Agricultural Policy


  • Reduce concentration of farm assets and control of big agri-producers.
  • Promote the establishment of small local processors.
  • Promote cooperative models of farm ownership.
  • Reduce the dependency of small and medium sized farmers on the CAP.
  • Impose a profit levy on the major producers and supermarkets
  • Intervene to make prices less volatile.
  • Incentivise the development of organic farming for local consumption and direct farmer markets.
  • Incentivise an increase in tillage farming from 10% -40%.
  • Look at the viability of creating a domestic hemp industry.
  • Prioritise organic fertilisers – turn slurry into biofuel.
  • Reform the Glás Scheme
  • Reform the Commonage Rules
  • Support for farmers affected by Brexit.
  • Complete opposition to CITA, TTIP and other forms of neoliberal free trade agreements.

Reduce Control of Agri-Business

Big business dominates the agri sector. In meat processing for example, three companies – ABP, Dawn Meats and Kepak – dominate the industry. The big processors also use the Quality Assurance programme to stifle competition. This means ordinary farmers get roughly 15-20% less than their counterparts in Britain.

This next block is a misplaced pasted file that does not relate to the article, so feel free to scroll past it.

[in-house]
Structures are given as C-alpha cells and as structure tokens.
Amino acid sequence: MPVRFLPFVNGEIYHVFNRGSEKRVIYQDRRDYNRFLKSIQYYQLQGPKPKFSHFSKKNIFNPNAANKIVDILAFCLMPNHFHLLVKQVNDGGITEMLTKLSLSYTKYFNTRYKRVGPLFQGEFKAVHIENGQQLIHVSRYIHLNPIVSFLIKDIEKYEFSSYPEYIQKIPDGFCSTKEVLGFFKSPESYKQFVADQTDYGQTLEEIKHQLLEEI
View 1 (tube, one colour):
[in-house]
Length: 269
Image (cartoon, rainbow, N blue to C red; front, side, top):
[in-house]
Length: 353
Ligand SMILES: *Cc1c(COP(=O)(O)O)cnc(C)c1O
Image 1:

PBP wants to re-balance the sector in favour of small and medium sized ventures. To do this, we would impose a special levy on the profits of the major processors, the major supermarkets and the biggest farmers. This would bring in €1.3 billion annually. In order to gather this levy, the processors will have to make their full financial accounts publically available – even if they have become unlimited firms.

Supermarket’s should also be legally obliged to declare profits made in Ireland and produce full Irish accounts.  This, however, can only be regarded as a first move. The big processors are motivated entirely by the search for profit rather than the nutritional value of food. They will need to be taken into public ownership so that 1) fair prices can be guaranteed for primary producers and 2) there can be an orderly re-orientation away from a focus on beef production.

Alternative Models of Agriculture

Employment in the farming sector is declining by around 8,000 per year. Between 1991 and 2015, the number of farms fell from 170,000 to 140,000. The age of the average farmer is 57 and only 7% of farmers are under the age of 35. The current model of agriculture is gradually eradicating small and medium sized ventures. To combat this, People Before Profit advocate,